Choose the program according to what you find easy for you to understand and what you want to prototype. Of course, you would have to consider many things while building this prototype, like color theory, Typography and size, White space, content, icons, symbols, and their consistency, scaling, and most importantly, they should match when put together. Finally, the design should maintain harmony and look pleasant to the user to make it visually compelling. It’s not always about how many and what kind of elements you’re using in your prototype but how you’re using it. The page’s structure as a group and as an individual should be consistent and look like they belong to each other on this page. Also, remember that your design screens should match among themselves and match as a group. For example, if you’re making any navigation bar placed at the bottom of the home screen, it should be present in the same space, size, color, and weight on the next screen, just like in the picture. Then you can say that you have got all the screens that fit together in harmony.

The navigation bar on both pages is equal and consistent with maintaining harmony.

Prototyping is the next step that you want to focus on. Once you’ve designed the screens, half the work is done. After designing, you have to connect arrows between screens and buttons like we did in sitemap and mapping content. You can also control how you want to go from one screen to another screen like; you want to smart animate it or dissolve it or keep it linear or animate it at different curves and lengths. Finally, test your prototype in the testing area of whichever program you’re using.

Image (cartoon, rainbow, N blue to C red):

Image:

While creating your designs, make sure your layers are organized and named appropriately. You can manage your screens according to your sitemap and wireframes. Then, you can use them as your blueprints for your digital prototype screens. Spending time organizing your layers helps a lot because this is still the testing phase; there can be changes and improvements that have to be made, and at that time, you cannot just sit the whole day to find which layer is what. Try making your app look like a real app and do as many detailings as possible. The closer you can get to the finished thing without programming, the better. Choose and try all the possible options because that’s how you learn. There are so many videos and guidance available on youtube, google, and so many other platforms to learn and excel an app in minutes. The closer you get to the actual app design, the more accurate the feedback will be. Since this technique of digital prototyping takes more time than a paper prototype, try to give your best possible design on the first go. Anyway, the blueprints will help make that possible for you, but it still might have to go through many changes and improvements. Nothing in this world is made in the first go; otherwise, everyone would have done it.

Remember, this is not a field of rigid principles and steps to be followed. You can always start from anywhere, but eventually, these steps are kind of a circle. No matter where you start from you will always end up doing all of them.

This concludes the last part of this article. You can see previous parts on my profile.



Shruti Mour

UI/UX Designer, I intend to create designed solutions and want knowledge of creativity in return.